US study calls for quality control for healthcare apps

According to a new report from US researchers who study mobile health tools, a lack of quality control means customers and doctors cannot tell the best apps from the worst in the market.

“There’s not a lot of guidance on which apps are recommended,” said Dr. Adam Landman, Chief Medical Information Officer for health information innovation and integration at Brigham and Women’s Hospital in the US. He is one of the lead authors of a study published in the journal JMIR mHealth and uHealth.

Mobile health apps a growing market

Today, there are reportedly over 165,000 mobile health apps available, and the market is expected to continue growing. According to Rock Health, it will reach US$31 billion by 2020, up from US$10 billion in 2015.

Health app quality study

The study aimed to undercover if a gold-standard rating system would be possible; to inform consumers which apps were providing reliable, safe, information, and which weren’t.

However, the team struggled to find a reliable rating system.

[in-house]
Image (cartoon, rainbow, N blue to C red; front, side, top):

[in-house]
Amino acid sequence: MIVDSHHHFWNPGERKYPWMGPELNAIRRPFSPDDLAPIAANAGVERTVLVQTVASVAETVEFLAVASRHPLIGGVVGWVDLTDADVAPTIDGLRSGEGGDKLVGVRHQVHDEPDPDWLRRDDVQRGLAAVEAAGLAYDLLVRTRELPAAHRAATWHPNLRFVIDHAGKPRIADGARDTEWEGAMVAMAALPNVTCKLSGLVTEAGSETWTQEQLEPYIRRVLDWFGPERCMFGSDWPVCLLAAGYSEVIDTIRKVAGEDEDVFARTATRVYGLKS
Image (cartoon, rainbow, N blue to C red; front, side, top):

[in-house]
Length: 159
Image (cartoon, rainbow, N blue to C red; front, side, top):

Asking experts mobile health technology to rate different apps, Landman and his team discovered that the reviewers all gave vastly different scores, and could only agree on how interactive the apps were.

Notable, the reviewers’ scores differed on critical characteristics such as privacy policies, performance issues, bugs and the availability of software support.

Securing confidential patient information

“I think one thing that’s concerning is that people are giving up a lot of heath information to these apps and they don’t realise what happens to your personal health information when you give it up to the app,” said John Torous, a Clinical Fellow in Psychiatry at Harvard Medical School and senior resident in the Harvard Longwood Psychiatry Residency Training Program. He was a member of the study team. 

The study concluded that more research is needed to determine a good rating system. The role of the physicians was emphasised.

“Clinician judgment thus remains critical in evaluating and understanding the clinical role of mobile phone apps,” the study concluded.

 

Edited from sources by Cecilia Rehn.

Sources: The Boston Globe
JMIR mHealth uHealth 2016;4(1):e15
IMS Institute for Healthcare Informatics
Rock Health

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